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Prison Yoga Project aims to help instructors teach inmates yoga meditation practices

Jan 4, 2015 | by Lynn Powell

“To get to have this yoga experience once a week, where they have lavender oil, eye pillows, deep stretching, letting go of so much. It helps them through the rest of the week to have hope,” she said. Psychotherapist Shanti Krigel believes yoga is a way for inmates to step back and assess consequences before making a decision.“The practice of breathe, practice of grounding, moving with awareness in our body. It’s really a tool to build the muscle of coming into the now.”

TULSA – Behind the concrete walls of David L. Moss Correctional Facility in Tulsa, all inmates have is time.

Yoga instructor Sarah Thomas teaches class Monday nights at the jail, hoping to ease the wait.

“To get to have this yoga experience once a week, where they have lavender oil, eye pillows, deep stretching, letting go of so much. It helps them through the rest of the week to have hope,” she said.

Psychotherapist Shanti Krigel believes yoga is a way for inmates to step back and assess consequences before making a decision.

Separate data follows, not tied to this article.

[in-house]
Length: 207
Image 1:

“The practice of breathe, practice of grounding, moving with awareness in our body. It's really a tool to build the muscle of coming into the now.”

Thomas says she has been trying to get more teachers trained so she wrote to The Prison Yoga Project pleading them to visit Tulsa.

“I would rather see my money go to getting to the root of the problem and healing the addiction and trauma verses spending money on these facilities.”

The Prison Yoga Project was founded 12-years ago at the San Quentin prison in California. Founder and director James Fox shows yoga instructors how to teach classes to “people who have been impacted by trauma.”

Because of Thomas’ email, Fox will be holding a special training weekend in Tulsa. Dates are below. 

February 27

6:45 p.m. – 9:45 p.m. 

February 28

2 p.m. – 6 p.m.

March 1

10 a.m. – 12:30 p.m.

3 p.m.  – 5:30 p.m.

Thomas was inspired to bring the Prison Yoga Project to Tulsa because she says the classes have made an impact on the inmates; one woman in particular brought her mother and daughter, also inmates, to join her in class.

“She went back to these other family members at an off time and got them to come attend the class. Just to see that was very powerful. Maybe they're on the road to not being back there again.”

The training sessions will have in-depth classes teaching instructors strategies for "establishing yoga programs in detention centers and rehabilitation facilities."

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